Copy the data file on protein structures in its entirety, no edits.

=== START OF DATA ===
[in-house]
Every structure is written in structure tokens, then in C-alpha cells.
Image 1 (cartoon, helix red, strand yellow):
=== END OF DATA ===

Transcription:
[in-house]
Every structure is written in structure tokens, then in C-alpha cells.
Image 1 (cartoon, helix red, strand yellow):